Now the client may never care so long as nothing bad happens. They’re certainly not going to pay me to implement a far more secure solution if I didn’t make room for it in my initial quote. Good enough? Well sort of… most of the time this probably goes unnoticed. Meaning the customer is happy and they didn’t have to pay me for the extra time to nail down the security (however, for this example at least, PCI enforcement is going to change that). So what’s the problem? The problem is I’m not happy. I know that some very critical mistakes have been made. Therefore I would never deliver this application until I corrected these mistakes. This isn’t actually a real world scenario, but it serves as a decent enough example of hidden complexity.
There are many programmers like myself, who’s personality and commitment to a quality solution will simply not let them stop at good enough. Even if the client is happy and completely unaware of the insecurity of their system and the liability associated with it. These programmers will be compelled to finish the job, even if they are over budget.
There are times though where a passionate and committed programmer can blow out a project’s budget without the customer’s best interest at heart. I’ve heard a lot of criticism in programming circles about this type of programmer. However, I’ve noticed that almost always these criticisms come from either programmers with very limited experience, or MBA types who’ve never written a line of code in their life. There is absolutely no job satisfaction in delivering inferior products. Period. The passionate and committed programmer may seem to make some things a little more complicated than they need to be, but they will learn from it, and in the end you will end up with a better and more efficient product.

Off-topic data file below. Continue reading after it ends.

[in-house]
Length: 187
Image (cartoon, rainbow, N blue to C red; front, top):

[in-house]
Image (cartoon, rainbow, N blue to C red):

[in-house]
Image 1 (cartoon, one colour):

As a self-professed programming perfectionist of many years, my opinion is that there are many applications out there that I’m simply not suited to work on. I accept that this attention to details can be a strength in some scenarios and a weakness in others. There’s probably thousands of programmers that can do the same work cheaper, with less questions, and produce an equally satisfactory product in some scenarios. In fact most of them probably don’t even need to be programmers, in that they have no real interest in programming. Many projects are simply glueing together existing libraries and frameworks and require very little creative problem solving.
I would argue that there’s nothing wrong with either of these programmer personalities. I think the market has room for both of us. There are many prototyping and proof of concept projects out there with extremely frugal owners / managers that simply aren’t willing to invest either the time or money into a great solution and are happy enough with a mess of libraries glued together behind a pretty user interface. In fact, unless the stakeholder is willing to invest their own time and effort in the project, then they’re unlikely to be happy with any solution they get, and would just frustrate the more passionate and committed developers anyways.
In the end, I’m happy to be writing quality software that will live for a while and need to be supported and improved. I enjoy refactoring my code. There’s something extremely satisfying about it.
As a client, if the project is your baby, and you’re very committed to it, then you will want an equal level of commitment from whoever works on it.